It is also true that the college led the change into diversification, which the society has embraced and attempted to frame a response. The first industry forum on the movement to financial services was held at a CLU forum with Dave Gregg as moderator. There were skeptics at the time who alleged the college primarily was seeking other venues because of sagging enrollment in CLU.
Gregg was followed by Ed Jordan as head of the college. Jordan was controversial and his tenure was relatively short, but he did make one cogent observation in a speech that went largely unheeded. Jordan stated that despite his close ties to the securities business, he had been unable to interest any other discipline in affiliating with the American College, and that despite the name change, to the outside world, it was still an insurance institution. He further opined that the American College had only one constituency and that was the life insurance business, and they had better start taking better care of it.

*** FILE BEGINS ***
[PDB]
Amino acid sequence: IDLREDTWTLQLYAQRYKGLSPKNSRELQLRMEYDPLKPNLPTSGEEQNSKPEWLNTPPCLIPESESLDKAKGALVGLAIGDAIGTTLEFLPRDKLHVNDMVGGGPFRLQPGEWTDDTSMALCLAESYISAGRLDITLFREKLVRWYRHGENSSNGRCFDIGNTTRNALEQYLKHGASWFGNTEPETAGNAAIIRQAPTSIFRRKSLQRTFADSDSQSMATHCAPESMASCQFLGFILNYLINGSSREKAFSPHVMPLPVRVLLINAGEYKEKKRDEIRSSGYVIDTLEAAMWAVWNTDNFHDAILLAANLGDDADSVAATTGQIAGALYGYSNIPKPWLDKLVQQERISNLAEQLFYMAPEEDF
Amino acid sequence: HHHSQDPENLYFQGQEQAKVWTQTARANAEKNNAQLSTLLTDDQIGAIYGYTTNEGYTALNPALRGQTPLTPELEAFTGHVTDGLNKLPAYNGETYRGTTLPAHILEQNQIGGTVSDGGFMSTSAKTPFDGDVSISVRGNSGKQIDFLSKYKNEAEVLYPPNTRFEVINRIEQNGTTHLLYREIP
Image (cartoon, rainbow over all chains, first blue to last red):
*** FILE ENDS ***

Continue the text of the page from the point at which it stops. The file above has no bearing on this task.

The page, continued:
It is no secret that the society has been trying to break out of its “alumni box” for a long time. Over the years a number of ideas have surfaced, often to the consternation of the college and other organizations. Ideas such as becoming a legislative advocate and changing its nonprofit status to an educational organization clearly would have changed the mission of the organization had they been implemented.
For many years an important precept of both the college and the society was that the CLU designation would not be exploited to the detriment of the non-CLU. An aggressive advertising campaign by the society raised the question in a committee meeting of field people as to whether the society, by this action, was abandoning the precept of nonexploitation. The answer to the question, by the then president of the society was, “Yes we have.” In the minds of many, this was an elitist move raising the hackles of many fine insurance people that happened not to be CLUs and distanced the society from other organizations.